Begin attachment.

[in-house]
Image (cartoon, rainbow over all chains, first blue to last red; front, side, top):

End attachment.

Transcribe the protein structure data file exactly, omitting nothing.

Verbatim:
[in-house]
Image (cartoon, rainbow over all chains, first blue to last red; front, side, top):